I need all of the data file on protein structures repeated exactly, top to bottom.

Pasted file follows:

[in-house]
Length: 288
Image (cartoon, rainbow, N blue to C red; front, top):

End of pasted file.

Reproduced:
[in-house]
Length: 288
Image (cartoon, rainbow, N blue to C red; front, top):